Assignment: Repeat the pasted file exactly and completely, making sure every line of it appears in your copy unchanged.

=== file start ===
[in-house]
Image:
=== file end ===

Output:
[in-house]
Image: